This woman in early life fell in love with a man of the name of Samuel Golding, a private in the regiment called at that time " Kirke's Lambs." She was then only 15 years of age, but being, as she frequently remarked, a fine lass for her years. Her maiden name was Smith. The regiment to which Golding belonged was ordered for foreign service,—the "West Indies,—in 1728 ; but such was Phoobe's attachment for him, that donning the garb of a man, she enlisted in the 5th Regiment of Foot, commanded by General Pearce, then under orders for the West Indies likewise (in the hopes of joining her lover). There she served five years without making her sex known to any one, she then returned to England with her regiment, and soon after her return it was ordered to join the forces of the Duke of Cumberland abroad, and fought in the battle before mentioned. Golding's regiment and hers were afterwards at Gibraltar, where he got wounded and wras invalided home to Plymouth. She then informed the wife of General Pearcc of her sex and story, who obtained her immediate discharge, and she was at once sent to England. She then proceeded to the Military Hospital at Plymouth and there nursed Golding, and on his recovery they were married and lived, until his death, happily together for more than 20 years, on his pension from Government.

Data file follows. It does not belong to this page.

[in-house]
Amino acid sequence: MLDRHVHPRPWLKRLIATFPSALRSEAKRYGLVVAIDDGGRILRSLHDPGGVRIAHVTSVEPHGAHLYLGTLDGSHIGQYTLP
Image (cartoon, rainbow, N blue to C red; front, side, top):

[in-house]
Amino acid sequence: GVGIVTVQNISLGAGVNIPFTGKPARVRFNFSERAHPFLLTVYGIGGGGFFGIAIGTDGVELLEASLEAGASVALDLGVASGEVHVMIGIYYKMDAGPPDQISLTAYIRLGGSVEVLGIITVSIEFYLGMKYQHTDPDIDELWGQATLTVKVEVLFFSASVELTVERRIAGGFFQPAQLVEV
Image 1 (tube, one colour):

After being a widow a short time she came to Brighton, and was married to her second husband, William Hessel, and in 1792 they must have been in indigent circumstances, from the fact of its having been recorded in the parish books of the 5th of December of that year, " That, at a Meeting of the Churchwardens and Overseers, it was ordered that Phoebe, wife of William Hessel, be paid three guineas to get their bed and nets, which they had pledged to pay Dr. Henderson for medicine."
Her husband died the year after, and she then, by the assistance of a few of the inhabitants, purchased a donkey,